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Home | Film Reviews | Film Review: Hangman’s Curse (2003)

Film Review: Hangman’s Curse (2003)

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Unspeakable evil stalks the hallways of Rogers High School. As fear runs rampant, a family of investigators tries to identify a deadly power that’s claiming students one by one. Nate and Sarah Springfield and their two teenage children go undercover to root out the evil, but will their own resourcefulness protect them from harm … and from their own prejudices?


Hangman’s Curse is a 2003 Christian horror film starring Leighton Meester and Douglas Smith. It’s based on the 2001 novel of the same name by Frank E. Peretti. After a family (David Keith, who plays Nate, Mel Harris, who plays Sarah, Leighton Meester, who plays Elisha, and Douglas Smith, who plays Elijah) handles a drug bust, they’re hired to investigate a curse that’s been going around a school ever since the suicide of a student named Abel Frye ten years earlier.

The movie opens up with Abel Frye hanging himself at school because of all the bullying. Ten years later, people (mainly jocks) are have breakdowns and screaming, “ABEL FRYE!” Legend has it that Abel Frye’s ghost haunts the school and takes revenge on behalf of the goth kids on anyone that they curse. (They curse people by drawing a hangman in their locker.) Later on, after a family (the stars of the movie that were listed above) completes a successful drug bust, they’re hired to investigate the school.

This movie is very good. It presented the problem at the beginning and then went at a nice pace to solve it. We weren’t just thrown into the plot. A lot of horror movies do that and it sometimes doesn’t give us enough time to enjoy the movie and being scared.

The acting was great. Everyone did their part. It was cool seeing Frank Peretti do some acting. He’s very good. We’d like to see him do some more acting. Likewise the actors in the family who investigate the drug busts are all very strong presences. If Peretti hasn’t already reused these characters in another novel, their return certainly would be welcomed.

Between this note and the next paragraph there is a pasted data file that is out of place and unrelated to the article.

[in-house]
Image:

At their worst, ghost stories devolve into simple tales of supernatural versus body count leaving the audience wondering why the characters on screen don’t just leave the abandoned house once the walls start growling at them. At their best, ghost stories are an examination of the human condition. What motivates a personality to the point of obsession beyond death? What drives people to put their lives in danger to figure out why certain locales are haunted? Hangman’s Curse is a story akin to the latter of the two. The question of whether or not there is a curse is unraveled at the correct pace, and the resolution fits in quite well with the story arc.

A word to the arachnaphobic, there are spiders in this movie, and not of the CGI variety. These are real, large, aggressive eight legged predators, and there are lots of them. If someone hasn’t done this already, we need a list of the scariest spiders in cinematic history (preferably without accompanying pictures) and Hangman’s Curse deserves a place of honor near the top. Rafal Zielinski directed this movie and he knows how to get a frightening performance out of tarantulas.

The message of teens picking on each other was a good woven message that they had in there. It wasn’t cheesy or too much, it just showed what making fun of someone can do to them. The movie never explains why some teens do it, they just do. It’s not right or fair and this movie shows that.

It is a curious notion how teenagers and horror blend so easily. There is something in the chemical makeup of an adolescent’s brain which causes them to retaliate against authority. Perhaps that’s where the predisposition toward horror stories stems. The teenager is no longer trusting the world (if they ever did to begin with) but they have yet to discover the power to take charge of the unfairness in which they have landed. Take Carrie as a metaphor for post pubescent angst. Or look at The Craft as an allegory of irresponsibility. The tales of horror are endless in this age bracket, and very easy to make resonate with an audience who has dealt with puberty, assuming the rating system works (yeah, we know, a big assumption).

Bottom line, Hangman’s Curse is a winner. It’s the mystery/horror/thriller hybrid it claims to be and although there’s a Christian message involved, it’s not too much, so anyone can enjoy it.

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